The best scientific calculators to meet your students’ needs
Considering these key points and questions will help you find the best scientific calculators for your school and students.
To find the best scientific calculators for your school and for students at various stages of their secondary education, it’s important to have a clear idea of your options and their respective benefits.
Let’s take a closer look at some of the different types of scientific calculators available, what they’re capable of and how they can make a positive difference to your teaching and the experience of your students.
Your options when choosing a scientific calculator
You and your students have plenty of choice when it comes to selecting the right calculator for your needs.
Our ClassWiz scientific calculator range comprises three models, which provide all the tools and capabilities students need to navigate the curriculum from year 7 all the way up to their GCSE maths exams, and in the case of the fx-991CW, A-level as well.
All of our ClassWiz calculators feature an intuitive menu structure for simple navigation, easy-press rounded keys and a textured side-grip.
The UK’s favourite scientific calculator
Casio fx-83/85GT CW
The Casio fx-83GT CW and fx-85GT CW are the entry-level options in the ClassWiz range. They are identical in functionality, the only difference between them being the option of solar as well as battery power on the fx-85GT CW.
These calculators are excellent options for key stage 3 maths students who are discovering new topics as they start their secondary education and preparing to explore them in more depth.
Students are embarking on the next phase in their education when they start year 7. There’s a good chance that they will have little to no experience with calculators, so their first year of secondary school is the ideal time to spark their imaginations by introducing them to something new such as an entry-level scientific calculator.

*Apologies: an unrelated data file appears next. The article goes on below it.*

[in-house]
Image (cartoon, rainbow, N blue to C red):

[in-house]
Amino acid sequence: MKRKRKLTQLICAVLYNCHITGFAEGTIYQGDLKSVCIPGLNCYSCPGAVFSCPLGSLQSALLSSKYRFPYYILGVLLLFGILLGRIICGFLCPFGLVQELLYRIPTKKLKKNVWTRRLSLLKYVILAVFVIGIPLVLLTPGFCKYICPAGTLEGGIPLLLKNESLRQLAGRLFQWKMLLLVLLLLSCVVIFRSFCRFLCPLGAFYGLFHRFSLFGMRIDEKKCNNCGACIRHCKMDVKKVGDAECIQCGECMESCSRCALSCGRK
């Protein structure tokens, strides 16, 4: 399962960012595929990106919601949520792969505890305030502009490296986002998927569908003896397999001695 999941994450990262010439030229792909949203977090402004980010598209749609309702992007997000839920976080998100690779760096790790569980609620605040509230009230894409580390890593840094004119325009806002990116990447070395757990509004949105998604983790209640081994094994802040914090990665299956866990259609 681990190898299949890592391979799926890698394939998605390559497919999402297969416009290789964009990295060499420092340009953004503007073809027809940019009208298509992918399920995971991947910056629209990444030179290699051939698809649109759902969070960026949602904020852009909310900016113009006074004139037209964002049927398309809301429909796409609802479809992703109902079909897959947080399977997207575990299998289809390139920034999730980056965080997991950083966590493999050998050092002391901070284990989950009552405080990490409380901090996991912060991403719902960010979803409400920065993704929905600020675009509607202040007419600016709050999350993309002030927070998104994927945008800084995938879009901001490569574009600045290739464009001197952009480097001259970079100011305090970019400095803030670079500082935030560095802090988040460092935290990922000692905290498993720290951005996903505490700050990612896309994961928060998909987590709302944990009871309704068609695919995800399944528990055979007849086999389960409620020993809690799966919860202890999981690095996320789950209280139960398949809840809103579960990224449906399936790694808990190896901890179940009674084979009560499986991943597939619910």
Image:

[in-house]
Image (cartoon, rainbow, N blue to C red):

The fx-991CW is the most advanced model in the Casio scientific calculator range and the next step up from the fx-83/85GT CW models.
It’s a powerful option for year 10 and 11 students preparing for their GCSE exams, thanks to additional functions including equation solving and numerical calculus – a useful feature for those studying further maths. .
The fx-991CW is also sufficiently well-equipped to support students who want to take the next step and study A-level maths. For those operating at greater depth and studying further maths, we would also recommend considering the fx-CG50, which allows students to take their learning into a new realm through graphing and enhanced functionality.
Whatever Casio scientific calculator you choose, you will have access to the essential scientific notation and calculation tools required to guide your students through the maths curriculum in key stages 3 and 4.
All of our ClassWiz calculators enable you to:
• Do arithmetic, trigonometric and logarithmic calculations
• Perform both univariate and bivariate data calculations